Here is our train. This model is the "Hayabusa" or Peregrine Falcon. My companion, Adachi-san, and I boarded this train in the morning at Tokyo Station for the first leg of the journey.
The train took us as far as Morioka, North of Sendai and the Prefectural seat of Iwate Perfecture. Iwate was one of the two hardest hit prefectures by the tsunami.
Tokyo Union Church has three "sister" churches in the Tohoku region, one of which is Miyako Community Church. My trip had been arranged between Adachi-san and Iwatsuka-sensei, the pastor of that church. This church is independent and thus, not supported by other denominations.
Iwatsuka-sensei, two years since the disaster, has been more involved in community service than in his own church affairs. Thus, the quilting activity was set up to serve the community.
From Morioka, we took a local bus, several hours further to the towards the coastal area of Miyako, where the damage was hardest. Reverend Iwatsuka picked us up at the bus terminal and drove us around, showing the damaged areas and the place where the classes were to be held the following day.
One can still see the base settings of the houses that were washed away by the tsunami. The school building in the distance was inundated on the first floor.
The main road will be re-built further inland.
There will be no buildings in that disaster area.
The port area will have a higher sea-wall and the broken sections will be replaced using a stronger design with a wider base.
To the upper right are the buildings of a fish-processing factory built after the disaster.
When my weekend activities are over, I will share with you the class experience, but before I end here, I wanted to share one other facet of the trip.
In Japan, we are very sensitive to the changing of seasons. Whether early or late, spring marches in in an orderly fashion. Late winter brings the Camellia, February the Plum and Apricot blossoms open in turn, then the Sweet Daphne and the Daffodils. Even each variety of Cherry has a time to be enjoyed without competition from other blossoms.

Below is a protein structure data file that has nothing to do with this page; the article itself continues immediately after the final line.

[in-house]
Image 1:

I really didn't know what clothing to pack because the area had had snow just a week or so earlier, so I was stunned to arrive to a place where spring was in "attack mode". It seems all those blossoms had waited so long to spring forth that they couldn't wait and take turns.
These were mixed with plum and peach.
Kerria and Azaleas,
Magnolias in the garden with Daffodils at their feet,
Baby's Breath in the background,
And high on the hill-side, wild Wisteria, festooning the trees.
And, cheering them on, the voice of the Bush Warbler, in Tokyo, a harbinger of Spring.
BUT, mixed with that, the voice of the Little Cuckoo,
which usually arrives in the Tokyo area in June, in time to parasitize the Bush Warbler's second breeding.
(In front is one of the two Chinese missionaries from Arizona, who spent a night there, and attended the quilting session as well.
Accommodation was fairly quiet and comfortable as I am accustomed to sleeping on futons, but my brain could not shut off as I anticipated the following days of teaching ... would my Japanese be adequate ... had I prepared well enough ... would I meet the expectations of the group? Knowing of the sincere prayers of my friends, I finally was able to grab a few hours of rest.
More to follow......